If your lawn is comprised of cool-season grasses, such as Kentucky bluegrass, perennial ryegrass, fine fescue or tall fescue, late summer through early fall is the perfect time to reseed your lawn. Soil temperatures are warm to allow for faster germination, air temperatures are favorable for the growth and development of the new grass plants and natural irrigation increases. Having the lawn aerated before seeding is a great way to incorporate the new seed into the lawn. The biggest question is what type of seed should you use to meet your lawn’s needs and grow well in your location.
By looking at the map to the right, determine the zone in which you live. Different grasses grow best in certain zones. For the cold winter, humid zone and the mild winter humid zones, Kentucky bluegrass, perennial ryegrass and fine fescue are the most popular grasses. In the transition zone, the most popular grass is turf-type tall fescue. There is a push in the transition zone for people to use more zoysia grass, but zoysia is usually installed either as sod or through sprigging or plugging and not as seed. In the cold winter, arid zone, turf-type tall fescue, Kentucky bluegrass, perennial ryegrass and fine fescue will all grow in that zone.
For the warmer parts of the US, the lawns are either installed as sod or through sprigging or plugging so this article is not as applicable for lawns that are comprised of Bermuda grass, St. Augustine grass, centipede grass or zoysia grass. Some homeowners in these areas choose to overseed their lawns with annual ryegrass in the fall for the lawn to remain green through the winter dormant period. Once the heat returns the following summer and the desired grasses green-up again, the annual ryegrass will die off.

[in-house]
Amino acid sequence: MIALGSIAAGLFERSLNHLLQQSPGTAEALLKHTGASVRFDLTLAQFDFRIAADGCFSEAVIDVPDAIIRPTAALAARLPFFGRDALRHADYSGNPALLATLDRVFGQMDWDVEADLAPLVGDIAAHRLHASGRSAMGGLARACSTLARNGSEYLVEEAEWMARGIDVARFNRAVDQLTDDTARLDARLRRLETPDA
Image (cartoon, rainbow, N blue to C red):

It is a good idea to determine the amount of sun the lawn receives and how it is being used to make your next decision. Here is a quick chart to help you make this decision:
|Grass Type||Sun or Shade||Traffic Tolerance|
|Kentucky Bluegrass||Full Sun||Light|
|Perennial Ryegrass||Full Sun||High|
|Fine Fescue||Full Sun to Moderate Shade||Light|
|Turf-Type Tall Fescue||Full Sun to Moderate Shade||High|
Determining the amount of seed to purchase depends on the variety of seed and the size of the area you are seeding. Here are the recommended amounts of grass seed to sow per 1,000 square feet:
|Seed Type||Existing Lawn||New Lanwn|
|Bluegrass||2 pounds||4 pounds|
|Perennial Ryegrass||5 pounds||10 pounds|
|Fine Fescue||3 pounds||6 pounds|
|Turf-Type Tall Fescue||5 pounds||10 pounds|
Once you have determined the type of grass seed you need to plant and how much to purchase, your next step is to go to the local garden center or home improvement store. Some homeowners pick the cheapest seed and often regret that decision. Look at the seed label to determine the types and cultivars included in the seed mix. Be sure that there are not any weed seeds or other crop seeds included in the mix. A good quality grass seed mix should cost between $3 to $5 per pound. That may seem like a lot of money for a pound of seed, each pound off seed contains thousands of seeds.
One thing to keep in mind is the number of seeds per pound. Bluegrass is the smallest seed and contains about 1,500,000 seeds per pound. Ryegrass and Turf-Type Tall Fescue contain between 250,000 to 400,000 seeds per pound. If you purchase a 10-pound bag of seed that is 50 % bluegrass and 50% ryegrass, you are getting about 7,500,000 bluegrass seeds and about 1,250,000 ryegrass seeds. If you want more bluegrass than ryegrass, this blend would work fine. If you want more ryegrass than bluegrass, change the ratios.
Don’t wait too long to start seeding your lawn. It is the perfect time to start the process to make sure the new grass has plenty of time to grow and gain strength before the winter sets in. If you want more information on overseeding your lawn, contact your neighborhood lawn and tree care professional at Spring-Green